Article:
The size and scale and impact of India’s gas plans, with or without provocation by the Chinese dragon, are in direct contradiction to the country’s stated aims concerning CO2 emissions and climate change responsibilities. These aims have been repeated for the last two years in a number of high-profile international fora such as the World Economic Forum, the G8 meetings and at the annual jamborees of the multilateral development banks. India’s Central Electricity Authority, the government agency which plans for and guides power sector development and growth, has either not been able to comment on the matter of India’s per capita emissions or cannot do so for fear of upsetting the equation that more fossil fuel-based power plants are needed to give each one of India’s citizens their right to electricity in the form of a kilowatt hour per day.

It takes a headline like “India has projects of over 45,000 MW running behind schedule” to show how the aspiration of climate change responsibility gets derailed by the economic logic of needing ever more megawatts to support the GDP growth trajectory. The financial daily, Business Standard, had reported on 19 July 2009 that “at a time when the government is trying hard to add power generation capacity of over 78,000 MW during the current Five-Year Plan, projects of over 45,000 MW currently under construction are running behind schedule”. The newspaper quoted data from the Central Electricity Authority to show that “projects behind schedule include around 35,000 MW of thermal power projects and 10,000 MW of hydro power projects, a major chunk of which is scheduled to be commissioned during the current Plan period ending March 2012”. Using this logic, Indian industry and the business media are in a continuous state of bemoaning the power deficit, the slow pace of addition of megawatts and the perceived impact of these deficits on India’s new magic number: 9% GDP growth per year for a generation.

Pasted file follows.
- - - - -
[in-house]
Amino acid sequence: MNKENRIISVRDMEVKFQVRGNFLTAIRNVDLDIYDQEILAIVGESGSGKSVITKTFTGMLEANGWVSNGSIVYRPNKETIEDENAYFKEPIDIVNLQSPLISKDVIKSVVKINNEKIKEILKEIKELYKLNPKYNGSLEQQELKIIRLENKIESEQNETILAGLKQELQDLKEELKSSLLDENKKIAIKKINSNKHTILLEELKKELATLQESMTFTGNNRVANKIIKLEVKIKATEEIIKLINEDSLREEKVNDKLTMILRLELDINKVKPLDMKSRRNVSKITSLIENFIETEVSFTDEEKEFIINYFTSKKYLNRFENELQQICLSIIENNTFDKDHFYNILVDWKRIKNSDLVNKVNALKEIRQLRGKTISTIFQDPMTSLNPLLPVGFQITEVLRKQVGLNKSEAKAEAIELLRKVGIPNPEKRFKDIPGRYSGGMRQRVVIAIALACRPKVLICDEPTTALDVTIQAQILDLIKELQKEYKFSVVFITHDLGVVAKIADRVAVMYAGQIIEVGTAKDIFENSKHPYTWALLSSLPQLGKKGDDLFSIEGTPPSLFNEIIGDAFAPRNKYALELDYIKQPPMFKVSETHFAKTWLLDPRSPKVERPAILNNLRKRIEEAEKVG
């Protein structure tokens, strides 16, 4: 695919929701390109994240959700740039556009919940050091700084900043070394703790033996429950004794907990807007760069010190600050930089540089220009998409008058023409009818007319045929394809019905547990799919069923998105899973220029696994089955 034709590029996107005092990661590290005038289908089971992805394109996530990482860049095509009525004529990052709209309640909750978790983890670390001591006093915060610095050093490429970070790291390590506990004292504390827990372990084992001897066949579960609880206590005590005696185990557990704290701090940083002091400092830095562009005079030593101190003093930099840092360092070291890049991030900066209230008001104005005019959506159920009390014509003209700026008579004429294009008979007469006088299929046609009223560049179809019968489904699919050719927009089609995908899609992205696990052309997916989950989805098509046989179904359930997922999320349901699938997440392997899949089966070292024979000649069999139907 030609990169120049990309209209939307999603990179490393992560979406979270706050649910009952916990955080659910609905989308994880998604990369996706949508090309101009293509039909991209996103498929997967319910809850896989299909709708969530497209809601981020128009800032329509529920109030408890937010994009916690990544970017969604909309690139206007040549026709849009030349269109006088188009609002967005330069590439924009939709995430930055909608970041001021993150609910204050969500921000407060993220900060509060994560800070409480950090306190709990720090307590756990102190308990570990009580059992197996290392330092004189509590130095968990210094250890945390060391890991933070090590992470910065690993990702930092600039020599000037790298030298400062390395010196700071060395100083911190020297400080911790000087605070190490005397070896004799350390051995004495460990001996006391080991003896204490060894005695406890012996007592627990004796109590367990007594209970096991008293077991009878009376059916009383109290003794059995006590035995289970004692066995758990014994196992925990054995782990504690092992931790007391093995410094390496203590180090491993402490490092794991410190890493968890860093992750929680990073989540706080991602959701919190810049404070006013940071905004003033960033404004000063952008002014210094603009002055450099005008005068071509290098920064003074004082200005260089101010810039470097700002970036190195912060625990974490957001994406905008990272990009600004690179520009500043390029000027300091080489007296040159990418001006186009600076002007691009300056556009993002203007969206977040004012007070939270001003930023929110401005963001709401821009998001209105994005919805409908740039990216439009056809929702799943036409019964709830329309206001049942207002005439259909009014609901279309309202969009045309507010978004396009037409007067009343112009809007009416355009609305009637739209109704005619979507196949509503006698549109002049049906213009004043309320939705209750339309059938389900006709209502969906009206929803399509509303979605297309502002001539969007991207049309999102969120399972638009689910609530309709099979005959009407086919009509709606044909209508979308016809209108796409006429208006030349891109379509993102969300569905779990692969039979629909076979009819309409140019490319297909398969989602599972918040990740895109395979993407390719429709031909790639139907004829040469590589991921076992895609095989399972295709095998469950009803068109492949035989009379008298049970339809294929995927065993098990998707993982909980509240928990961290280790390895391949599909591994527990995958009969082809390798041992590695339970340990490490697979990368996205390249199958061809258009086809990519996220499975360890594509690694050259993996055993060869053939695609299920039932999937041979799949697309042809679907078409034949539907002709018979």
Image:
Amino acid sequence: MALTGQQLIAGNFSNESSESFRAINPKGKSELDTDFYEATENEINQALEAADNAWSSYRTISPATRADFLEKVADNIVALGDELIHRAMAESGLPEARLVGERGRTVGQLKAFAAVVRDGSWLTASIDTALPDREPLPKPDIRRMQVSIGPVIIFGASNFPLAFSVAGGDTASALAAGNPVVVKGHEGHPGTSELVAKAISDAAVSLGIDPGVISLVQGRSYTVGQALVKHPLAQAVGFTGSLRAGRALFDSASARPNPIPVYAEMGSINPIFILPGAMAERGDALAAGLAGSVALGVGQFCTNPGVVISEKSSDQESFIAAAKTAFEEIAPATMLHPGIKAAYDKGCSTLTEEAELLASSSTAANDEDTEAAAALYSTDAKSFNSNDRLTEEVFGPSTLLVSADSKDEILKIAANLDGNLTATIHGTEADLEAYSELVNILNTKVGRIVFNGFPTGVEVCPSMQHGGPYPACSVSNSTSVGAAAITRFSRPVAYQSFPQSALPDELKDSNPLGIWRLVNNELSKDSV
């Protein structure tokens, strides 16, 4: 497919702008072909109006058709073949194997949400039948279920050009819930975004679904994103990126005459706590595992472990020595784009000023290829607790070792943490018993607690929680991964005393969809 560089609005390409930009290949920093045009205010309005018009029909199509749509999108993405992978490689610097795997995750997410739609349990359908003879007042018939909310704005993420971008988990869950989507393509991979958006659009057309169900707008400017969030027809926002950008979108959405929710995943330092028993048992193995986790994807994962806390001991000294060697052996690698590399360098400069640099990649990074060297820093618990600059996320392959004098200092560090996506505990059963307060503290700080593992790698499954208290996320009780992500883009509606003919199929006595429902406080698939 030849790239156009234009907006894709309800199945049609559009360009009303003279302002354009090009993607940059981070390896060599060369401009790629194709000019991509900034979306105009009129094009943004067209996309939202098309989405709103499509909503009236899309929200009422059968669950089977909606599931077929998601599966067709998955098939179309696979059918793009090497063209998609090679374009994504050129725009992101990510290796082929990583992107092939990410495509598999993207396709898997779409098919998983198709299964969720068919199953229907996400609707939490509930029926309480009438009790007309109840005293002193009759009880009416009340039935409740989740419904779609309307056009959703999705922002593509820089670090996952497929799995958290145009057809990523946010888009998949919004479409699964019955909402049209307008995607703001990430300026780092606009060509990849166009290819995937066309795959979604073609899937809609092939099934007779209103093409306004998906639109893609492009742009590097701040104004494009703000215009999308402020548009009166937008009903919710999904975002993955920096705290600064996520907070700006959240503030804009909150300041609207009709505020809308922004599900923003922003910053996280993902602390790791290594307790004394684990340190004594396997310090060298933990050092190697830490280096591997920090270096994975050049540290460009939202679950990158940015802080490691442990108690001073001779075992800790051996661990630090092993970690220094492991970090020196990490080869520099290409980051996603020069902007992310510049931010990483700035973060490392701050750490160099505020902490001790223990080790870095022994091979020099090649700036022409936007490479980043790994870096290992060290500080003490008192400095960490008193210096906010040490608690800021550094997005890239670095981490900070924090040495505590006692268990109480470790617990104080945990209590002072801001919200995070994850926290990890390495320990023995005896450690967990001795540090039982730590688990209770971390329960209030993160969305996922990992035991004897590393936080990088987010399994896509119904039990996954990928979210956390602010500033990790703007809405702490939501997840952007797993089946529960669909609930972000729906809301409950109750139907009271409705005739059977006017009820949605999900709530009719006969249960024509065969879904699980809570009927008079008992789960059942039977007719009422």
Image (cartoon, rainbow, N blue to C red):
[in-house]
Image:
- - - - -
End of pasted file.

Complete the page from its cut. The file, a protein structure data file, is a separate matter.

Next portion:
But gas geopolitics harbours no sympathy for magic numbers. Commentator Tariq Fatemi writing (13 August 2009) in Pakistan’s news daily, Dawn, said: “Many experts are convinced that it is only the Iran-Pakistan-India pipeline project that is technically viable and economically attractive. But US opposition has prevented any concrete movement on it. In the past year or so, India has lost some of its ardour for it, partly because of the US civilian nuclear deal and partly because of the high price demanded by Iran. The Pakistani leadership claims to be committed to it, pointing to the presence of Presidents Zardari and Ahmadinejad at the signing ceremony of the gas sale agreement earlier on.” Fatemi then added: “However, a recent controversy is causing concern. The petroleum adviser has resigned a couple of weeks after his startling disclosure that two countries, one western and the other in the Middle East, were applying pressure on Pakistan to abandon the project. This had come as a rude shock to those who were reminded that the Indian petroleum minister Mani Shankar Aiyar had been eased out soon after his public defence of the project.”

Meanwhile, the dragon has become Russia’s largest trading partner. “Russia and China are discussing co-production arrangements in oil, gas, and electric power settlements and deals totalling US$ 100 bn, the use of their national currencies in mutual settlements, and Russian officials are even promoting both the rouble and the yuan as new international reserve currencies,” commented Dr Stephen Blank in Asia Times, a professor at the Strategic Studies Institute of the US Army War College. He said in his 12 August 2009 commentary that these deals demonstrate “China’s growing dominance, through its economic power, of Russia’s policy toward Asia, a situation facilitated by the global economic crisis.”

The irritation over straying Himalayan platoons is easing, India’s garrulous English media has let up and its stock market is bouyant. The signs on the surface are favourable for the industrial-political complexes in both China and India to celebrate the replacement of the G8 with the birth of a G20 which includes them as equal partners. But in the heart of the sub-continent, there are still 299 districts (sub-state administrative units) which have so far been declared as being affected by the drought of 2009. For their residents – the rural cultivators and farm labour – there is succour from neither a magical GDP, nor a gas pipeline nor a seat at the G20 table.